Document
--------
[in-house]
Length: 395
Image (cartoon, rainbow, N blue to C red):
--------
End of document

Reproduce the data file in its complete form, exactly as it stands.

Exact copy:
[in-house]
Length: 395
Image (cartoon, rainbow, N blue to C red):